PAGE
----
It exactly that promotion of martial philosophy within Sikh thinking that I personally see as a major issue. To be clear, I not talking about the fundamental principles behind the Khalsa and the obligation to fight injustice, but instead the cultural shift in understanding that rationalizes violence in pursuit of increasingly partisan views of “justice.” We all familiar with the Zafarnama here, as well as the legends of Guru Gobind Singh, but he never initiated violence in order to further his agenda. The precepts of Dharam Yudh even state that revenge is an unacceptable motivation for violent action (and it hard to definitively state that the assassination was the only means left to prevent tyrannical oppression)..

Even though I regret that habit and a large part of those years of my life, I still miss doing that. Anyway, with my high tolerance I would need to smoke a fair amount to feel considerably high, so I must have had a couple bowls in a row upstairs in my room. After I finished and was absolutely ripped, I started walking downstairs to go make some food or something, thinking about whatever nonsense was in my head, and suddenly halfway down the stairs I heard a voice.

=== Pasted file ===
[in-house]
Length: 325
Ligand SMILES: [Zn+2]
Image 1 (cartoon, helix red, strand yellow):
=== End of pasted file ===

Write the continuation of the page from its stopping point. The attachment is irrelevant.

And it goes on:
But I am not sure there is a word in the English language to describe how I felt when I read that Comey had occasionally used his personal Gmail account to conduct official business. I’d felt the same sense of outrage and helplessness when I heard members of the press lament the outsized attention Clinton’s emails got during the campaign. I won’t re litigate the coverage of Clinton’s emails here (and how I believe suspicion of the motivations of a woman seeking power is at the root of the email controversy), but I can’t help but wonder we don’t now distrust Comey’s the way people distrusted Clinton.

And they know that if Assad does come back into their areas, they’re not necessarily going to survive. They’re fighting for their lives. And when they see this group come along that’s got arms, money and weapons and resources that the moderates have never had, it’s very tempting for them to join that group and fight for their survival..

When I got a call from Tricia Mayer, Director of Online Engagement for Microsoft Research, asking if I’d be interested in hosting a new podcast about the most enigmatic division at Microsoft, I was elated. These were the very people I had always wanted to talk to and now I had the opportunity to interview them in person, for the rest of the world to hear as well. Eric Horvitz is as passionate as he is accomplished.